the national interest

Republicans Trying, Failing to Come Up With Good Reasons to Conceal Trump Taxes

Donald Trump, President of the United States and legitimate businessman. Photo: Mandel Ngan/AFP/Getty Images

The first two years of the Trump administration, Republicans controlled both chambers of Congress and could quash any movement to compel the release of President Trump’s tax returns without much public discussion. Now that Democrats control the House, and have the legal power to get the tax returns, Republicans have been forced to muster positive arguments for why Trump should be able to conceal his financial information.

Given that every presidential candidate for four decades, other than Donald Trump, has released their tax returns, and that the law enables Congress to acquire anybody’s tax returns, it seems like a slam-dunk case for why Congress should be able to look at Trump’s. But Trump does not want anybody to see his tax returns, and so reasons to support his position must be supplied.

1. Democrats don’t know what the tax returns will show. “What is remarkable is that even the most aggressive Democrats don’t seem to have a clear idea what they will find in the returns. They’re just sure there must be something bad in there,” writes Byron York, in a column calling the Democratic plan the “ultimate fishing expedition.”

It’s certainly true that Democrats don’t know exactly what’s in the Trump tax returns. That’s why they want them — if they did know everything already, they wouldn’t need to get them. On the other hand, there is ample reason to suspect the Trump tax returns contain information of high public interest, if not multiple outright crimes. When the New York Times dug into Trump’s New York tax information, it found proof of massive tax fraud.

Reporters have found evidence of Trump engaging in corruption, fraud, money laundering, and lots and lots of covert dealings with Russia. That’s just the stuff journalists have managed to suss out so far. The tax returns may well also turn up other crimes, because Trump is a crook. But the sheer scope of incriminating evidence that might turn up in a look at the president’s tax returns is not a very compelling reason to keep them private.

2. Trump won, so what are you gonna do. The Boston Herald editorializes that “Democrats have not gotten over the 2016 presidential election” and, by scrutinizing Trump’s tax returns, “harangue and harass the president with the ultimate hope that they can unearth some evidence of criminality somewhere.”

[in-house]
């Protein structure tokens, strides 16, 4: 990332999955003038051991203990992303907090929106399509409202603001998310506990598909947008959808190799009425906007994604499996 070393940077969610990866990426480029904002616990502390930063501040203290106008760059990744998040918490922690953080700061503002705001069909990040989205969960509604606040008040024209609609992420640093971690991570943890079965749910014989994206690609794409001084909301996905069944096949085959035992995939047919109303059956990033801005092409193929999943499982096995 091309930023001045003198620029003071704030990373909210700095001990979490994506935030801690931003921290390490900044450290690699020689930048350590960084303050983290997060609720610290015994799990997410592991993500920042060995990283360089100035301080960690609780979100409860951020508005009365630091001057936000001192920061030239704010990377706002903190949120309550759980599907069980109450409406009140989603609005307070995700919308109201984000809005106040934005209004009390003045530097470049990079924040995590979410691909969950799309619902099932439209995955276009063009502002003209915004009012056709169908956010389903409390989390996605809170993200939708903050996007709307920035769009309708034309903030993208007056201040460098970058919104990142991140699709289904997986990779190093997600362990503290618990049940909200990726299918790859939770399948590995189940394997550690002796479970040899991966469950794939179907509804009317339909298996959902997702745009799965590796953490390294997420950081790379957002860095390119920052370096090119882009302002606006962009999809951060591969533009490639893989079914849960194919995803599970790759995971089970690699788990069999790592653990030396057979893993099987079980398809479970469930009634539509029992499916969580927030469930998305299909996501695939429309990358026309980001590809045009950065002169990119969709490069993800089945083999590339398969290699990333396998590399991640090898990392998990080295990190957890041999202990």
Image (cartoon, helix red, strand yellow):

The editorial oddly does not deny the likelihood that Democrats will unearth evidence of criminality, it simply hinges its case on the supposition that Democrats have no right to scrutinize the criminal who defeated them.

3. Republicans will take revenge. If Congress uses the law to get Trump’s tax returns, it could target other people, ones who aren’t presidents with a long record of criminal financial activity. “Where does it end?” [GOP congressman Mike] Kelly asked. “What about the tax returns of the Speaker? Members of Congress? Federal employees? Or, for that matter, any political donors? There is no end in sight for those whose tax information may be in jeopardy.”

Representative Devin Nunes put a finer point on the threat: “Once you go down the road, there’s no turning back, because then it ratchets up. Because at some point, Republicans will be back in power. There are lots of people we could have subpoenaed their tax returns the last few years that would be very interesting.”

It’s true, the law allows Congress to get anybody’s tax returns. Maybe it’s dangerous to give Congress that power, but that’s an argument against passing a law creating this power in the first place. Since it already exists, why not use it in a case where an extremely compelling public interest exists?

If Republicans are worried about the potential for the abuse of private citizens, they could repeal the law letting Congress look at anybody’s tax returns and replace it with a narrower law that applies only to high-ranking officials like the president. But since Republicans oppose laws to force the president to publish his tax returns, here we are.

One common thread through all these defenses is that they take Trump’s decision to break precedent and conceal his tax returns as a given. From there, they focus all the scrutiny on Democrats and their nefarious motives for getting the tax returns. And so none of Trump’s defenders have bothered to construct a motive for Trump’s decision to conceal his tax returns. It’s just something we must all accept. The president has done business with, and employed, a large number of criminals, is under state and federal investigation for a wide array of alleged crimes, but his decision to keep his financial information private apparently tells us nothing whatsoever about the secrets it may contain.

Republicans: We Must Conceal Trump Taxes Because Reasons